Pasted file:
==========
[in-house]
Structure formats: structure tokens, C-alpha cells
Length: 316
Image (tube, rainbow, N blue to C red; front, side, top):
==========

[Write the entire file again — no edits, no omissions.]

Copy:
[in-house]
Structure formats: structure tokens, C-alpha cells
Length: 316
Image (tube, rainbow, N blue to C red; front, side, top):